Ex-inmate seeks compensation for time lost
DeWayne McKinney was released six years ago after spending 19 years in prison for a murder in Orange. He could be awarded about $700,000 if he convinces a state board he's innocent.
SACRAMENTO — DeWayne McKinney spent 19 years behind bars on a first-degree murder conviction before the recanting of eyewitnesses and confession of another inmate led to his release six years ago. What he never got, however, was an official ruling that he is an innocent man.
McKinney stands to win about $700,000 — or $100 for each day he spent in prison — if he prevails this week in a hearing before the state's Victim Compensation and Government Claims Board. He must prove to the board that he is not the man who vaulted the counter of a Chapman Avenue Burger King in Orange during a Dec. 11, 1980, robbery and put a .22-caliber hollow-point bullet in the head of the night manager, 19-year-old Walter Bell.
Yet McKinney, who at 46 now runs an ATM business in Hawaii, said winning the case is not about money, but vindication.
"They're saying I'm responsible. There's a stigma," McKinney said in an interview. "This is something that's hanging over my head. A certain part of you can't move on."
The state attorney general's office is fighting his compensation claim, arguing that although two of the four witnesses who implicated him at trial have since recanted, the other two remain convinced of his guilt.
"The evidence certainly seems to suggest that he was indeed the Burger King killer," the attorney general's office has argued in papers filed with the compensation board.
Expected to testify today on McKinney's behalf is Orange County Dist. Atty. Tony Rackauckas, who prosecuted him personally in 1982 — and unsuccessfully argued for the death penalty — but in 2000 called for his release because there was enough evidence "to undermine confidence" in the conviction.
It is unclear how far Rackauckas will go in his support, however. He has said that he remained unsure whether McKinney was innocent or guilty. Still, McKinney's lawyers say they are ready to introduce statements of two district attorney investigators who examined McKinney's case and concluded he was innocent.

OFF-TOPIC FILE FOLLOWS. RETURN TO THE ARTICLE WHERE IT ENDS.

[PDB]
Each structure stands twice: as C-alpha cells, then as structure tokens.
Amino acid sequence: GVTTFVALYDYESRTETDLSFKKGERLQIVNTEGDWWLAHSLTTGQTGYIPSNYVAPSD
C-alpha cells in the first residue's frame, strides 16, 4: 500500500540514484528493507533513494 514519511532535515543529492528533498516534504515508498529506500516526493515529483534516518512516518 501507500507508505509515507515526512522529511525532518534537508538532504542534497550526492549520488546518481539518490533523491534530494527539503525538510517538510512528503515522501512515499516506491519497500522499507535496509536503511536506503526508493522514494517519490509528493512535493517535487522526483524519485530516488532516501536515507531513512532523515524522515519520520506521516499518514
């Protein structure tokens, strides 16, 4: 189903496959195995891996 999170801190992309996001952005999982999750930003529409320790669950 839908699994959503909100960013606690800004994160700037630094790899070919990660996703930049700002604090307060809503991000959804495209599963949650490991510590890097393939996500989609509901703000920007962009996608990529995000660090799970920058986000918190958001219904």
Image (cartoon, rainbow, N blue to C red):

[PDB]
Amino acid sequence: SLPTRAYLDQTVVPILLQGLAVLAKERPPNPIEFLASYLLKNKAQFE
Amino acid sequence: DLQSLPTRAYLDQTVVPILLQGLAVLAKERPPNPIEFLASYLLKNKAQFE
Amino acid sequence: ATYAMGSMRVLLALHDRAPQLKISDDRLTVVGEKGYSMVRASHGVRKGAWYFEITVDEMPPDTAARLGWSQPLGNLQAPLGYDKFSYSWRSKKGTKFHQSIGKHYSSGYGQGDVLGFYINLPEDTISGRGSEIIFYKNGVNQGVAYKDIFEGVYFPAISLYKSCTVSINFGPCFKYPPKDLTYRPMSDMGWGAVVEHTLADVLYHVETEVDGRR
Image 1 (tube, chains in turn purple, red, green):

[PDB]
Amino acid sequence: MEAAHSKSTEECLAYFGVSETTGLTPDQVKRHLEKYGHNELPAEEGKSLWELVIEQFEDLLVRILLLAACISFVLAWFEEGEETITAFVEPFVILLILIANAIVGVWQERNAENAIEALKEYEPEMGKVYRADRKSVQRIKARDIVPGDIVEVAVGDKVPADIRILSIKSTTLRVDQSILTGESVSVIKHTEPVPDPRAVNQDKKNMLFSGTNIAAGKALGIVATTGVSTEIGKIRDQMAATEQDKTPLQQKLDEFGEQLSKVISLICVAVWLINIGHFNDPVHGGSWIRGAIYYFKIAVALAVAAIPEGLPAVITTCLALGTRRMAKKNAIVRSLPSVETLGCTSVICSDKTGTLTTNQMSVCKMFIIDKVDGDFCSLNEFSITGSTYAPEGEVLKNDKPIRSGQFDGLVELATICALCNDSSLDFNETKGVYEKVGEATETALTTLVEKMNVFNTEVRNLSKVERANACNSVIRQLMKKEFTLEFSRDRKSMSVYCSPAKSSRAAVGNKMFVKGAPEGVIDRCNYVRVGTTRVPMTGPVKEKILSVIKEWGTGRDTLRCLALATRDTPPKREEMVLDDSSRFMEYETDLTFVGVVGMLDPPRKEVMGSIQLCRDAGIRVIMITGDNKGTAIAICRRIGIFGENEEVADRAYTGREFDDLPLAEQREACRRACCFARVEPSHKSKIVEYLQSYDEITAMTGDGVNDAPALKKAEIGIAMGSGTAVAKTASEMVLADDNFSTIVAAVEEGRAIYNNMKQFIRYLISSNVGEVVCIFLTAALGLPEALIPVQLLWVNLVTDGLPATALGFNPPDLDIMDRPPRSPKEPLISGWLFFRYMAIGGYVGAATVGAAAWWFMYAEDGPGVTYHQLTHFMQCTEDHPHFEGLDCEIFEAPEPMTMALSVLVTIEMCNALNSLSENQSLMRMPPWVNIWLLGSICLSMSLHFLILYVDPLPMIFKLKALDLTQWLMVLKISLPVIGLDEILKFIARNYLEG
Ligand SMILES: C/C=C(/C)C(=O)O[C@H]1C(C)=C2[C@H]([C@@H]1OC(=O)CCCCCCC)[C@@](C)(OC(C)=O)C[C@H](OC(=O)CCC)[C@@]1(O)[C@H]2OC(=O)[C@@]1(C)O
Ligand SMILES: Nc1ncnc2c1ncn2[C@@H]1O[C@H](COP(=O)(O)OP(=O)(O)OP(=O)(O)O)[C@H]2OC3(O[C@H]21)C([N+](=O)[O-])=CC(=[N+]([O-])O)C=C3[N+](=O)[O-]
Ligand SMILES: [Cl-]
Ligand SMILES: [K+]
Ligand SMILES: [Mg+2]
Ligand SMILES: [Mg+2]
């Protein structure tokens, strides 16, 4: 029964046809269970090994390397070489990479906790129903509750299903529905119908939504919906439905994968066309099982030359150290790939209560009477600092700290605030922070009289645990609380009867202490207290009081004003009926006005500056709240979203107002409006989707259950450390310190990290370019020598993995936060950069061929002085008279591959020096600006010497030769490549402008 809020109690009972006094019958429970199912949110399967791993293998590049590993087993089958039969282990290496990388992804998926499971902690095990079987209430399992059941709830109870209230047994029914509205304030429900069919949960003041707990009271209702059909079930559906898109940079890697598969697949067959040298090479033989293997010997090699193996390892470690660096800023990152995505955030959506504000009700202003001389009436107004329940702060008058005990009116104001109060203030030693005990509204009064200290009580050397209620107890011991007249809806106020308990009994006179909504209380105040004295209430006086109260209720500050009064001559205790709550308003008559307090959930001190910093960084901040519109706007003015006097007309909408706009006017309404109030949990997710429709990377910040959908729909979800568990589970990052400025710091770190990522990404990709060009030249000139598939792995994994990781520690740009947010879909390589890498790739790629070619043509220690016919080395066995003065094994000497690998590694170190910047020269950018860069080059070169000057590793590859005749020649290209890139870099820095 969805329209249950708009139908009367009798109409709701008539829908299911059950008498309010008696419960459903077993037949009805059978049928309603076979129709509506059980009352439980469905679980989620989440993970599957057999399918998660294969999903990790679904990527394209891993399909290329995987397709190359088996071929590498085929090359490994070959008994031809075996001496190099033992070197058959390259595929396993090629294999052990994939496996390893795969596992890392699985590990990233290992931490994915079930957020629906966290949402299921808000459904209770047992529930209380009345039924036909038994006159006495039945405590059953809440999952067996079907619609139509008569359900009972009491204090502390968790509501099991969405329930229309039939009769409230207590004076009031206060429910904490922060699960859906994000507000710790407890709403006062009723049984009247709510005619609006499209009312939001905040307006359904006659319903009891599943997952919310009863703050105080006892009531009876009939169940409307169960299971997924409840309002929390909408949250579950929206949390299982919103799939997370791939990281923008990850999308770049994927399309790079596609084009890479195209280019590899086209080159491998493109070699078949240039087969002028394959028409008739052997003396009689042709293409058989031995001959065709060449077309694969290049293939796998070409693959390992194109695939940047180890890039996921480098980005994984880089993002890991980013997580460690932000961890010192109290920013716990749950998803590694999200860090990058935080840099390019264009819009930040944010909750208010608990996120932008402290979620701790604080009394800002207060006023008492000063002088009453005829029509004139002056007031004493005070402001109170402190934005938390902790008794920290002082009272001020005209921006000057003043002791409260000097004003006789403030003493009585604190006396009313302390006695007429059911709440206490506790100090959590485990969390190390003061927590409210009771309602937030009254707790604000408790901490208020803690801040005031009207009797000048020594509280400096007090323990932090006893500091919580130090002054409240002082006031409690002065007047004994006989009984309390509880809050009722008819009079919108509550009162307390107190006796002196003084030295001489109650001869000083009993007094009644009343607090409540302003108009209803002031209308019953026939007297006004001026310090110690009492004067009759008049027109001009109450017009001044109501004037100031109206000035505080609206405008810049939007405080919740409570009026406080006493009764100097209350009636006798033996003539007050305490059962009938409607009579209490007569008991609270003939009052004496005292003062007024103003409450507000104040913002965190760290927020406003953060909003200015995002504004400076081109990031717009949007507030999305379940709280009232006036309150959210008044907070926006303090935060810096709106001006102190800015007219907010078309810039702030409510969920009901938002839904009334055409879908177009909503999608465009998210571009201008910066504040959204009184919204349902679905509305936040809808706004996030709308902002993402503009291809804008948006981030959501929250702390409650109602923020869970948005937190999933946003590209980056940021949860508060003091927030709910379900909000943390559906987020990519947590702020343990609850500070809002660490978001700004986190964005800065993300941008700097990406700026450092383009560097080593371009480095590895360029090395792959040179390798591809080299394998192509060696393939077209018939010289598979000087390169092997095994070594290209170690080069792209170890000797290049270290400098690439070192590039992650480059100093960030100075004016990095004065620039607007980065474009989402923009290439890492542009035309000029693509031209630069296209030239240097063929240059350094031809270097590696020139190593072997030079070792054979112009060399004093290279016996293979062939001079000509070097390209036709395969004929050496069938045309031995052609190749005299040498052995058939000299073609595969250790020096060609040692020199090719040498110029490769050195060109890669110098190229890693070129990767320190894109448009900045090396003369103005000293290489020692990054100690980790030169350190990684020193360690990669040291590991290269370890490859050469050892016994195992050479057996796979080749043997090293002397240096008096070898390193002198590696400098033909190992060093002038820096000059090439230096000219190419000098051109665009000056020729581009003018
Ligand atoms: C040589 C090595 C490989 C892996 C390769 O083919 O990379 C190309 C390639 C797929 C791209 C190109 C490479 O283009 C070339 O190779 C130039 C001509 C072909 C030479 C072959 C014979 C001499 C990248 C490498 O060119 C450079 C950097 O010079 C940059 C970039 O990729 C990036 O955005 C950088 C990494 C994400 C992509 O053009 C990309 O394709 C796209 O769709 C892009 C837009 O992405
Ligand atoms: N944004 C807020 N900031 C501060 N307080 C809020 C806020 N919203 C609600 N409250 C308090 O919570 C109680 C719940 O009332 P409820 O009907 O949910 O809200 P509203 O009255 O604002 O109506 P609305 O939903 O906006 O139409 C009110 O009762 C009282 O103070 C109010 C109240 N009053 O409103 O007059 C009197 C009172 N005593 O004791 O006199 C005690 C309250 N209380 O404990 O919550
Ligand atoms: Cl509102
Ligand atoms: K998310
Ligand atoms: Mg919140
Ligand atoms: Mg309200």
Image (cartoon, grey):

Taking the stand to testify Tuesday, McKinney had a soft voice and retiring manner. He said that he "wandered the street" after his mother died when he was 12 and within two or three years had found a second family in the 52nd Street Crips. He acknowledged breaking into cars and participating in an attempted jewelry store robbery.
About a month before the Burger King murder, McKinney testified, he suffered a shotgun wound to the right leg — apparently from a rival gangster — that left him hospitalized and on crutches. His lawyers argue that rules him out as the killer, whom witnesses said vaulted the restaurant counter.
Asked to display his wound at the hearing, McKinney lifted his pant leg to show a calf that remained visibly deformed 27 years later. McKinney, who maintained he was at his sister's house during the robbery, said that going to trial for a murder he didn't commit felt "surreal."
"It's almost like watching a movie or something," he said.
McKinney, who was 20 and living in Ontario at the time of his arrest, said he entered lockup with a hot temper and a "self-destructive" streak. Within his first few months at the Orange County Jail, he said, guards forced him and other black inmates to share cells with Latinos, prompting a defiant lieutenant in the Mexican Mafia prison gang to attack him. When he bested the man in a fight, McKinney said, he found himself a marked man for years and was stabbed three times — at the Orange County Jail and at the state prisons in Chino and Folsom — and assaulted more times than he could count.